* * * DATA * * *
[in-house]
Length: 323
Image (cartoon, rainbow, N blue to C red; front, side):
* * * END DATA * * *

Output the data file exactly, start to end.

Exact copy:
[in-house]
Length: 323
Image (cartoon, rainbow, N blue to C red; front, side):